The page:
The IRS has a free web app called “Get My Payment” that you can use to check the status of your Economic Impact Payment. The app also allows you to securely send your banking information to the IRS, if you would prefer to receive your payment through direct deposit instead of waiting for a paper check. Use the app at irs.gov/coronavirus/get-my-payment.
The U.S. government has already sent out 160 million Economic Impact Payments to Americans in need. A second round of payments would require Congress to pass a bill that provides additional funding. At this time, there is no legislation that has passed to authorize a second round of payments.
For updates, please visit IRS.gov.
Ask for help: Many companies have special programs to help people right now. Contact the companies you owe money to and try to work out a new payment plan with lower payments or delayed due dates. Make sure to get any changes in writing.
In May 2020, the FTC learned that some facilities were trying to take the stimulus payments intended for their residents on Medicaid. Why? They claimed that, because the person is on Medicaid, the facility gets to keep the stimulus payment. The fact is, those economic impact payments are a tax credit, and don’t count as “resources” for federal benefits programs, like Medicaid. If you or loved one experienced this, tell your state attorney general’s office first, and then tell the FTC: ftc.gov/complaint.
You are eligible for an Economic Impact Payment of $1,200 (or $2,400 if you filing jointly) if you are not a dependent of another taxpayer and have a work eligible Social Security number with adjusted gross income up to:
- $150,000 for married couples filing joint returns
- $112,500 for head of household filers and
- $75,000 for all other eligible individuals
Eligible retirees and recipients of Social Security retirement, survivor, or disability benefits (SSDI), Railroad Retirement benefits, Supplemental Security Income (SSI) and VA Compensation and Pension (C&P), who do not file a tax return, will receive a $1,200 payment automatically.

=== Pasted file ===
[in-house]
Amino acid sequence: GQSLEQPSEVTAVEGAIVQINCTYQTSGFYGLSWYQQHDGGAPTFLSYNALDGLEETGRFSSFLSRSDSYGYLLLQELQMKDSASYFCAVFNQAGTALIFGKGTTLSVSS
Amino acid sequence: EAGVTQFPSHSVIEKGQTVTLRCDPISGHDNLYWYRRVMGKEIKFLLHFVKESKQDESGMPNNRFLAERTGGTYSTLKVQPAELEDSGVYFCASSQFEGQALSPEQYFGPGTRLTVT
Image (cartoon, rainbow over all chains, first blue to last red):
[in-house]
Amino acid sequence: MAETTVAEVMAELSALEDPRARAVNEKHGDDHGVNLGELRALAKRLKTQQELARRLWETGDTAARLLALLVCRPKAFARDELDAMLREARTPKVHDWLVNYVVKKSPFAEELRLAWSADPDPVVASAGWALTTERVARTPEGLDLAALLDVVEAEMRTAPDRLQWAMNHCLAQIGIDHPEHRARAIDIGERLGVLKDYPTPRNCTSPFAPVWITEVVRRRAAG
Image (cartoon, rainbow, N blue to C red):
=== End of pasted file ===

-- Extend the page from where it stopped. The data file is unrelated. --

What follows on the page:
For eligible taxpayers who filed tax returns for 2019 or 2018, they receive the payments automatically.
People who have little or no income and didn’t file a tax return or don’t receive any of the federal benefits listed above are also eligible for an Economic Impact Payment. They need to register with the Non-Filer tool on IRS.gov as soon as possible so they can receive a payment.
The vast majority of people do not need to take any action. The IRS will calculate and automatically send the economic impact payment to those eligible.
For people who have already filed their 2019 tax returns, the IRS will use this information to calculate the payment amount. For those who have not yet filed their return for 2019, the IRS will use information from their 2018 tax filing to calculate the payment. The economic impact payment will be deposited directly into the same banking account reflected on the return filed.
For those concerned about visiting a tax professional or local community organization in person to get help with a tax return, these economic impact payments will be available throughout the rest of 2020.
If you are not normally required to file a tax return, you can use the Non-Filers: Enter Payment Info Here web portal to securely submit your information to the IRS. In order to speed payments, you should enter your bank account information and your payment will be directly deposited in your bank account.
You DO NOT need to take any further action if you filed a federal income tax return for 2018 or 2019. If you already filed your tax return for 2019, the IRS will use this information to calculate the Payment amount. If you haven’t filed your tax return for 2019 but filed a 2018 federal income tax return, the IRS will use the information from your 2018 tax return to calculate the Payment amount.
You can submit your information to the IRS through a secure web portal on IRS.gov. You will need to provide your full name, date of birth, social security number, and bank account information to use this system. After you submit your information, you will receive your Economic Impact Payment through direct deposit.